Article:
Improving the access to and quality of information available to SME owners and operators is a core purpose of many projects. Many have accomplished this through online portals that provide a variety of information and resources.
In Nepal, Thamel provides an online directory of Nepalese SMEs, sorted by industry, an e-commerce site, a chat room for local businesses, and information services such as business news and currency exchange rates. Another, the Online Business Information Service (OBIS) supports local enterprises in the Solomon Islands by sharing Internet-researched answers to business questions from entrepreneurs. The information OBIS collects regarding microfinance, equipment, raw materials, market opportunities and buyers, business ideas, and technical assistance supports the start-up and expansion of local ventures and promotes private sector investment in indigenous enterprises.
EnterpriseWorks has used information technology to create a powerful, first-of-its-kind, small enterprise and sustainable development search engine for the World Wide Web. It is designed to help developing world entrepreneurs and producer associations, development specialists, local and multinational businesses, and program funders easily locate information on enterprise development and related issues.
Agricultural entrepreneurs are also able to make us of information portals. The Agriculture Market Watch project in Mali aims to improve the access to agricultural information for the private sector in particular local farmers, herders and transporters of agricultural products. These types of projects enable local businesses to omit intermediaries and directly engage in market pricing, cost evaluation, and sales. The Business Information Services site performs a similar function in Tanzania, listing both local and global commodity prices. It has multiple locations and focuses on helping rural farmers obtain the most accurate and up-to-date information possible. Foodnet in Uganda and b2bpricenow.com in the Philippines are two other similar sites.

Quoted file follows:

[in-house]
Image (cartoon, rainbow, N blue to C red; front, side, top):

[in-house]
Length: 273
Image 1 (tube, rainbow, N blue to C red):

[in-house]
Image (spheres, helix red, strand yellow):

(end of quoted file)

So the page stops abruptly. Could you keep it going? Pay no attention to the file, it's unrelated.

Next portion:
Assistance From Abroad
Developed countries have a wealth of intellectual and financial resources that can be employed to empower SMEs in developing countries. Several projects are attempting to link up those that can offer help to those that need it. The Sustainable Village, for example, connects Third World entrepreneurs with the resources they need to establish micro enterprise solutions for global problems. The Sustainable Village Web site networks these micro enterprises with like-minded organizations, providing the capital, know-how, technology, and renewable resource equipment developing countries' entrepreneurs need.
The Digital Diaspora Network Latin America and Caribbean is using ICTs to help achieve the Millennium Development Goals "through mobilizing the technological, entrepreneurial and professional expertise and resources of the region's Diaspora communities in North America and Europe."
The use of e-commerce to expand the reach of SMEs is well showcased in developing countries. The July 2003 Digital Dividend analysis, Lessons From the Field: ICTs and Handicrafts documented many such micro enterprise-oriented projects that are taking advantage of the Internet to showcase and sell the work of local artisans. These projects include Keralcraft in India and African Craft, showcasing artistry of Western Africa.